A writer reflects on her history of love and loss after actress Eva Mendes, wife of the highly desirable Ryan Gosling, declares that fleece sounds the death knell to marriage.
Eva Mendes, partner and baby mama to the almost universally desired Ryan Gosling, recently labeled sweatpants “The number one cause of divorce.” I found this terrifying. My terror increased when I remembered that Christina Hendricks—the redhead on Mad Men—is another anti-sweatpants crusader. Mendes did not mention her solution, but after a long day on the set, Hendricks dons vintage caftans.
You know the expression “I wouldn’t throw them out of bed for eating crackers?” Well, I don’t think anyone would throw Eva Mendes or Christina Hendricks out of the house for wearing sweatpants, especially since they are both incredibly beautiful, and probably have the finest sweatpants available.
So naturally I was terrified knowing that Eva Mendes believes that one day, she could feasibly put on a pair of ($400 cashmere) sweatpants and come home to find Gosling gone—or possibly in the arms of some other woman who, at the end of a long day, slips into a pencil skirt or skinny jeans or a Diane von Furstenberg wrap dress. I thought, This cannot mean good things for those of us who are A) not as good-looking as she is or B) have crappier sweatpants. Everyone knows that at the end of the day after the heels and the tights and the holding in of the stomach and the walking past people with that constant dread that they are thinking bad or good things about your appearance that could potentially be shared with you aloud, a woman really just wants to let the flesh, and the mind, rest. And the way to do that is in sweatpants! And shouldn’t love transcend sweatpants?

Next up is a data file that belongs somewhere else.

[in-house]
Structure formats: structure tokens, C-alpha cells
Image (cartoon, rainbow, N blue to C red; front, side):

Well. Perhaps. But have you ever noticed that the word should often comes up when you’re talking about something that sucks and is going to continue to suck, no matter what you think about it?
I started to think about my experiences with sweats.
In my fourth-to-last serious relationship I was in possession of a wonderful pair of pink camo sweats from Old Navy. I wore them all the time. One day they got a hole in them and I tried to sew it up, but sweatpants don’t really lend themselves to being mended. So Mr. Fourth-To-Last saw me tearfully throwing in the towel on this project and said, “Thank god. I hated those. They looked awful on you.”
I was truly astonished. They were low-cut and soft and of course what could be naturally sexier—in a quiet, stay-at-home and watch HBO for seven hours, because we no longer wish to relate to each other kind of way, but are relatively happy, right?—than pink camo? A few months later he left me for an ex-girlfriend and explained to me that he had been obsessed with her for 20 years, which, I thought, would have been nice information to have upfront. And I actually did not think to blame the sweats. I was like, “He just didn’t love me and was obsessed with someone else. My sweatpants were awesome.”
At one point I went back to the house that Cheating Sweatpants Hater and I had shared to get some stuff, and stumbled upon (truly) a drawer filled with this woman’s stuff. And so it came to pass that I discovered that “worth 20 years of pining” actually means “dresses like lingerie model while sitting around house.” And I thought to myself well, good for her. She can have him. I don’t need some guy who doesn’t love me for me and all that other stuff that doesn’t really have anything to do with reality.
Then I thought about visiting two friends of mine, women, married to each other, who I know have a very good relationship. I borrowed a pair of sweatpants from one of them. The other one said, “Wow, those look great on you.” I reported this with some pride to the sweatpants owner and she nodded and said, “She only said that because she hopes you’ll steal them from me. Actually, why don’t you just take them? If I keep them, I’m afraid she might either divorce me or kill me.”
I could not believe a word of this! This devoted passionate couple could be torn apart because of a garment—one I must say I found delightfully cozy and was only too happy to abscond with!